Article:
Sunday, October 31, 2010

Ghost Story

The story below is excerpted from my novel, Just for You to Know, (set here in Independence, Missouri, 1963), available on Kindle:
and in paperback from my website:

Dad rubbed his eyes and began telling us about the Halloween night "back in '39 out in Tennessee" when he crawled into a boxcar and met an old man named Sam.
"He told me a tall tale 'bout - well, you all know the statue of General Andy Jackson on his horse up on the Square, right there by the courthouse?" The little boys nodded, open-mouthed.
"Well, there's statues like that all over the country. All over the world in fact. That old Sam told me that every hundred years, all those stone and metal horses and riders come alive!" Daddy strengthened his voice a notch on the last word. Velvet stirred in his arms.
"Those horses go leapin' off their pedestals down onto the streets. You can hear them clip-cloppin' and clatterin' 'round town carrying their ghostly riders on a search for one another to make an army. Fight their old battles and smell the gunsmoke one more time. Sam told me they go gallopin' all Halloween night. 'I seen 'em wid me own eyes,' he said, 'back in 18 and 63, in the time of the turr'ble war. I was nought but five year old,' Sam told me, but..." Daddy paused for effect and Mr. Beeler squeezed Aunt Bevy's hand.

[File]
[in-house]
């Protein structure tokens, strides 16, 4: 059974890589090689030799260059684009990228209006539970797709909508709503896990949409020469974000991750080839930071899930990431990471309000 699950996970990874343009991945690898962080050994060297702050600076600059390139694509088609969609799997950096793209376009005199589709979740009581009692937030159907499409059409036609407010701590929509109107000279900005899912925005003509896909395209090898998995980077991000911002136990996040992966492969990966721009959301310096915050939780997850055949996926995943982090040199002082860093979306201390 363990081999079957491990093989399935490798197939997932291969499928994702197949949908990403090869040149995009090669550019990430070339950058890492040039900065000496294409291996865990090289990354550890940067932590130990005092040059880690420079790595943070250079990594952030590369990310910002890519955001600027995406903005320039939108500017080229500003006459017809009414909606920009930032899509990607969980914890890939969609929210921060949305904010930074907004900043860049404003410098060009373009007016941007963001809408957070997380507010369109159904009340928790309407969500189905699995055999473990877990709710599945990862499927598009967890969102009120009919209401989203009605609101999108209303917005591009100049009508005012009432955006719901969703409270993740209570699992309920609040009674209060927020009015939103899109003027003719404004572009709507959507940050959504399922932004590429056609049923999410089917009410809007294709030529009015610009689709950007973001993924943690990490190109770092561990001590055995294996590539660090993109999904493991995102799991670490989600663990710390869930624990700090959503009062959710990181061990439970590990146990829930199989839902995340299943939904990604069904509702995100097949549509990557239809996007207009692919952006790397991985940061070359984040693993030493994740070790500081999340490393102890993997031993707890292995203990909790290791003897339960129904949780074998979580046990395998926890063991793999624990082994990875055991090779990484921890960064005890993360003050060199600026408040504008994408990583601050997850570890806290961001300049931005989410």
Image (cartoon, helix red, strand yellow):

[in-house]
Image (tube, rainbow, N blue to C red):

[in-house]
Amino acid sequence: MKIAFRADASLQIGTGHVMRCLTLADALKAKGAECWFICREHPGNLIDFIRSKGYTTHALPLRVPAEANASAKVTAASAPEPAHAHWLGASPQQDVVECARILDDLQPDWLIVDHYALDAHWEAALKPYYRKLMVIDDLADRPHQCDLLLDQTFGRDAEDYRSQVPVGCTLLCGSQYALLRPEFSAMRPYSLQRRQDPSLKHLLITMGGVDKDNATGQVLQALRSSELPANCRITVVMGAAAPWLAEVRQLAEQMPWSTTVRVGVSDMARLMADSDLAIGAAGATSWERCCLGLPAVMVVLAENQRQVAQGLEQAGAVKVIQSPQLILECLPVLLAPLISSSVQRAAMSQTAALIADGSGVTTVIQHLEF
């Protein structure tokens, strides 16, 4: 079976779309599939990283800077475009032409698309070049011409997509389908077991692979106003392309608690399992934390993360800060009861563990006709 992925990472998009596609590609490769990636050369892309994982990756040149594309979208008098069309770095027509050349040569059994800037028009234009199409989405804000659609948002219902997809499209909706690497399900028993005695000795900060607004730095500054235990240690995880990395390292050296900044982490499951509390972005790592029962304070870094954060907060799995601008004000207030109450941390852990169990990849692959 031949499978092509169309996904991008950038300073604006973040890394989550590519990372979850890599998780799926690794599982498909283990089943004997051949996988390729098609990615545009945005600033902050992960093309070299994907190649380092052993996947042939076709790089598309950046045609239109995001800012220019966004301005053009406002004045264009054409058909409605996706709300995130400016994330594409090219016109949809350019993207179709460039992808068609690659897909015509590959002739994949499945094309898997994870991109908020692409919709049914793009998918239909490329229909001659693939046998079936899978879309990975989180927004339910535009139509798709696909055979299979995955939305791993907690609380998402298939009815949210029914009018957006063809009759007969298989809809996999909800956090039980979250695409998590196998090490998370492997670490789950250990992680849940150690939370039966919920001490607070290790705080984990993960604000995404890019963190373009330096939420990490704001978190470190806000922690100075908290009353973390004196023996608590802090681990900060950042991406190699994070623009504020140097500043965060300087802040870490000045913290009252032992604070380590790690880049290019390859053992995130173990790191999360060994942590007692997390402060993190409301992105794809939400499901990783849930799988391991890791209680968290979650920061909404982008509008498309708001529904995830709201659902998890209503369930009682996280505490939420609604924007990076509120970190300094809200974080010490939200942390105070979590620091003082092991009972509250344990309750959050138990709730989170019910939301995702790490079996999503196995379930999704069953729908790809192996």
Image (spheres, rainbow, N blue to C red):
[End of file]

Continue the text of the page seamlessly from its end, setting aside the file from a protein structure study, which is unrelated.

"Came the dawn," he whispered, "the statues were back on their blocks of stone, each and every one, nothin' to show for the gallivantin' but the mud on the horses' hooves."
Jimmy broke the stillness after the story. "Say Dad, this is 1963."
"Oh gracious," said Miss Lillian.
"This is the year they ride." Robin's voice was creepy.
"Halloween," said Dad. He glanced at the wall calendar then slid a sly glance over to me and said, "Thursday night."
"Now that I'd like to see," said Mr. Culpepper as my dad got up and hurried off to the kitchen...
Right then I was so glad Dad was my dad, even when, later on, he and I had to go calm Larry's nightmares. On the morning after Halloween, Dad got us all up out of bed before school so he could pile us into the station wagon and take us over to where I did all my crying. He showed us the hooves of General Jackson's horse. It was impressive even though I pretty much guessed that he'd driven by the courthouse in the middle of the night after he got off work just so he could muddy up the statue. I put my hand in Dad's rough hand. I felt sure that he was himself again.

1 comment:

  1. What a great novel you wrote, Cheryl. It is one that becomes part of the reader's life. I have read a couple books by Jeanette Walls. Her straight forward style reminds me of your story. Have you read her books, The Glass Castle and Half-Broke Horses? Good reading.